Carnegie Mellon U. Students Use Fingerprint Scans, Not ID Cards, for Payment

Four seniors at Carnegie Mellon University who grew tired of scouring their backpacks to find their student-ID cards every time they wanted a bite to eat have found a new way to pay: their fingerprints.

“We carry around these little slabs of plastic,” says Kelly Lau-Kee. “You really shouldn’t have to carry anything on you that could be lost or stolen anymore. You should be able to pay or ID yourself just by being yourself.”

That’s the idea behind PayTango, which was created by Ms. Lau-Kee and three classmates, and is already in use at several locations on the Carnegie Mellon campus.

The first time students use the system, they swipe the card they would like to match to their fingerprints, type in their phone number, and touch their fingers to a pad to register the print. The system works with any card that uses a magnetic strip, including debit cards, gift cards, and student IDs.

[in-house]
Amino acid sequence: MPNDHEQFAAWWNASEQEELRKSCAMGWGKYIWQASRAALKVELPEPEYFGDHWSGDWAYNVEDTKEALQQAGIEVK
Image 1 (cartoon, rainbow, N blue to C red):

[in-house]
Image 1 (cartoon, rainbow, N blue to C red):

The four students began developing PayTango as a team last fall in a technology start-up lab taught by Luis von Ahn, an assistant professor of computer science who is the mind behind the word-puzzle company reCaptcha. The team’s original idea was to find a way to combine the information from debit, credit, and ID cards onto one card, Ms. Lau-Kee says. But soon they decided to take the project a step further and eliminate cards altogether.

The product’s initial version, which the team presented at a PennApps hackathon in September, was really just an iPad connected to a fingerprint reader, Ms. Lau-Kee says. The team then began to build a custom version of the product, which they used to apply to the Y Combinator start-up accelerator, a three-month program in Mountain View, Calif., that concluded on Tuesday with a presentation to potential investors.

The team now hopes to expand the system to more locations on the campus, as well as to businesses in Pittsburgh and San Francisco.

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